Furthermore, while the internet can be both an accelerator and enabler of growth and development, it does not offer shortcuts for a country to achieve high-income status. Moreover, there is the risk that technology can act as a placebo, delaying the structural and systemic changes required in society to enable it to achieve inclusive prosperity.

In this regard, for technology to yield positive outcomes in promoting inclusive prosperity, there must be deliberate efforts aimed at strengthening the business environment through appropriate macro-economic policies. Besides, there must be a lot of investment in the improvement of skills development among young people, while adults must be willing to re-learn a lot of things. Furthermore, there must be a lot of emphasis on increasing accountability among stakeholders in the public sector. As such, technology cannot replace the foundational elements of economic development, the business climate, human capital, and good governance. While the internet and mobile technologies can bring more people into the social-economic environment, they cannot replace the foundations required to achieve desired outcomes.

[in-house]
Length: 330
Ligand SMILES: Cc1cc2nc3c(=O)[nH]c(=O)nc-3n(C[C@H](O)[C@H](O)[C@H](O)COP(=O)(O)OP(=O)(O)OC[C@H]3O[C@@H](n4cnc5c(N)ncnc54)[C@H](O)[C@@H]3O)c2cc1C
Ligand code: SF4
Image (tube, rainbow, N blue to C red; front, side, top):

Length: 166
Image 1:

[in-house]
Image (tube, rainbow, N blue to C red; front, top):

In his paper, Bitange Ndemo (2019), citing his experience in participating in increasing internet access in Kenya, noted that the difference between transformational change and a lack of it in a society is the level of connectivity among participants in the economy. As such, when a country has adopted the fundamentals that are required to achieve social-economic growth, technology can offer an essential next step. He noted the impact that mapping Kibera and increasing internet connectivity had in creating opportunities for young people in Africa’s largest slum. Before the initiative, many people had thought that over a million people lived in the slum. However, ICT enabled the government to identify that only 300,000 people lived in the area (Bitange, 2019). In this regard, policymakers were able to make informed planning decisions.

Fig 4: Mapping Kibera slum (Doherty, 2012)